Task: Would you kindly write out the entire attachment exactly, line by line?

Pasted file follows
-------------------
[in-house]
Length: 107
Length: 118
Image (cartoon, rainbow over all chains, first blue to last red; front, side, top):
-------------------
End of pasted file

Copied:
[in-house]
Length: 107
Length: 118
Image (cartoon, rainbow over all chains, first blue to last red; front, side, top):